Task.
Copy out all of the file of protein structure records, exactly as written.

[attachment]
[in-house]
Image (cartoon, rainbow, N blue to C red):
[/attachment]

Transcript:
[in-house]
Image (cartoon, rainbow, N blue to C red):